A ground breaking study led by Senior GI Oncologist Dr Ben Boursi with senior oncologist Professor Gal Markel and MD PhD student Erez Baruch of the Sheba Medical Center in Israel proved that it is possible to reprogramme a recalcitrant immune system, compelling it to fight cancer, by changing the patient's gut microbiome.
The results of the study were published in the peer-reviewed journal Science.
"For the first time in the world, we have successfully fought cancerous tumours by changing the gut microbiome," Dr Boursi said.
Dr Boursi and his team launched the study on terminally-ill patients with metastatic melanoma who in the past had not responded to immunotherapy and who'd exhausted all other existing treatments. The idea was to stimulate patients' immune systems by replacing their own gut bacteria with that of cancer survivors that responded to immunotherapy.
"In the first stage, we eradicated the patient's existing microbiome, after which we transplanted gut microbiota from cancer survivors who'd had melanoma, but who had responded well to immunotherapy and who had been cancer-free for at least one year."
The microbiome was initially transplanted via colonoscopy. Two weeks later, when it was clear that the patients had absorbed the donor microbiota, they resumed immunotherapy and received three months of odourless, flavourless pills containing the same bacteria. Out of the 10 study participants, two patients exhibited tumors that had shrunken considerably, and in a third patient, not only did the tumor disappear entirely, but the patient was cured. In those patients, Boursi and his team, identified an immune response on the cellular level as well as in gene expression profiles.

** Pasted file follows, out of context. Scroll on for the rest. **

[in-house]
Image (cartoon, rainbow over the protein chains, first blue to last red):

"Currently, immunotherapy works for only 40 per cent to 50 per cent of patients. We anticipate that with the help of this revolutionary treatment, we will see as many patients as possible transforming from non-responders to responders," said Boursi.
Additionally, while many of the participants had experienced severe side effects during their earlier (failed) round of immunotherapy, following the gut microbiota transplant, the immunotherapy caused no significant side effects. "This alone is a tremendous achievement," said Dr Boursi, adding that the team is also exploring the treatment's use in combatting immunotherapy side effects.
He noted that it was an emotionally charged experience for melanoma survivors to be able to donate their gut microbiota to help cure other cancer patients.
Explaining that the treatment has been shown to be "simple, safe and relatively inexpensive", Dr Boursi and the team at Sheba are currently employing it on melanoma patients as well as patients with lung cancer, one of the most common causes of cancer death.
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